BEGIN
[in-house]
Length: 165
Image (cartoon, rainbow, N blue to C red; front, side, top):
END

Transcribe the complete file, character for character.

[in-house]
Length: 165
Image (cartoon, rainbow, N blue to C red; front, side, top):